Gish Jen’s short story In the American Society is both humorous depiction of one immigrant family’s efforts at assimilating into American culture and a serious indictment of the racism that continues to sit at the core of the American fabric. While Jen injects elements of “slapstick” humor in her story, especially the sight of Ralph in the hastily-tailored suit that is destined to be revealed for the façade that it is, there is a bitterness at the scene’s core. The Chang family, especially Mrs. Chang, Ralph’s status-conscious wife, desperately want to assimilate into American society and grab their share of what they view as “American Dream.” Subtle and not-so-subtle reminders of their status as foreign immigrants, however, continue to manifest themselves, as when they are denied membership to the country club – the very symbol of American success and selectivity (read: racism). Country clubs have been notorious for much of the nation’s history as bastions of old-world exclusion with regards to non-whites. Mrs. Chang’s determination to gain acceptance into the world is both a sad indictment of the enduring racism that exists in society and an equally sad indictment of the equation of material wealth and social status with the American Dream.
In this context, one examines Ralph Chang’s attitude towards his employees, including Booker and, especially, Cedric, the latter a notorious petty thief who was regularly stealing cigarettes from coworkers despite his protestation that he never smoked. It is Fernando, however, who proves more inclined towards theft, as when Ralph catches him stealing a carton of steaks. It is Booker and Cedric, though, who end up in jail, prompting Ralph’s good-natured if also mercenary decision to bail the two men out. It is with great disappointment, then, that the Chang family discover to their consternation that the boys have skipped town. As Jen describes the atmosphere when Ralph returns from the court house, convinced of his good deed:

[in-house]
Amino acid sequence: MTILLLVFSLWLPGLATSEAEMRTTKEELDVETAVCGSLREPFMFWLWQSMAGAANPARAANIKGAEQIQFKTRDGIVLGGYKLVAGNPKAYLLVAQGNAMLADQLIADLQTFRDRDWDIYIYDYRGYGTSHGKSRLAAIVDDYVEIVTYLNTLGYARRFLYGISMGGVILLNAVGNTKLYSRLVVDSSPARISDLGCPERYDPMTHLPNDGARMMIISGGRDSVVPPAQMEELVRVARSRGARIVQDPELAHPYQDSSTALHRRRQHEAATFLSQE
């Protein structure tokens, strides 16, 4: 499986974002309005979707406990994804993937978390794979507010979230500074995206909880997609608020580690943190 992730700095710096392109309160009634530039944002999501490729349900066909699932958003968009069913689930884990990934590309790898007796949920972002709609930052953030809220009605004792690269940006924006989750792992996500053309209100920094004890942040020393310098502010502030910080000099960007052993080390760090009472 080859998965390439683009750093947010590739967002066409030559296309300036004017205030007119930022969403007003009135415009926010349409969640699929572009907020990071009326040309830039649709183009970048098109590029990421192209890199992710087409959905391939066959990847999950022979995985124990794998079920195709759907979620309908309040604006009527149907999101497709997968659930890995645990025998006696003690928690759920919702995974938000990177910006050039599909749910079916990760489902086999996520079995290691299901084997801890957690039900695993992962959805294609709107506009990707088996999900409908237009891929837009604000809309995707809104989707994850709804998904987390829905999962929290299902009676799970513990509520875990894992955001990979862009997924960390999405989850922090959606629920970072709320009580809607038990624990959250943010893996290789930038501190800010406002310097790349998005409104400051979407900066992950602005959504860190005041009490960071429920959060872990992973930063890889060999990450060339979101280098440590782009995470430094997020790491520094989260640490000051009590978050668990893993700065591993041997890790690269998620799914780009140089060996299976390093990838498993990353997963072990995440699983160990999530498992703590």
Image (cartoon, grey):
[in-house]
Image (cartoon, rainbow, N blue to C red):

“My father returned jubilant. Booker and Cedric hailed him as their savior, their Buddha incarnate. He was like a father to them, they said; and laughing and clapping, they made him tell the story over and over, sorting over the details like jewels.”
The revelation that the two have fled the criminal justice system turns Ralph’s good deed on its head. The letter read as follows:
Dear Mr. Chang,
You are the grat boss. But, we do not like to trial, so will runing away now. Plese to excus us. People saying the law in America is fears like dragon. Here is only $140. We hope some day we can pay back the rest bale. You will getting intrest, as you diserving, so grat a boss you are. Thank you for every thing. In next life you will be burn in rich family, with no more pancakes
Booker + Cedric
Booker and Cedric’s letter, with its misspellings and primitive sentiments is both humorous and sad. It is humorous because of the opening and closing sentences: “You are the grat boss. . .In next life you will burn in rich family, with no more pancakes.” It is sad because it reflects the fear and mistrust among immigrants, many of whom are from countries with thoroughly corrupt justice systems, especially among illegal immigrants who know interaction with the justice system portends deportation. The misconceptions(?) regarding the American justice system are pervasive, evident earlier in the story when Mr. and Mrs. Chang discuss Booker and Cedric’s situation:
“I like to talking to the judge,” said my father.
“This is not China,” said my mother.
“I’m only talking to him. I’m not give him money unless he wants it.”
“You’re going to land up in jail.”
“So what else I should do?” My father threw up his hands. “Those are my boys.”
China is rife with corruption, and the Chang’s perceptions of justice is heavily influenced by their pre-emigration experiences. Booker and Cedric’s letter is both humorous and sad because it reflects the difficulties inherent in the immigrant experience, including the pervasive fear of capture and deportation.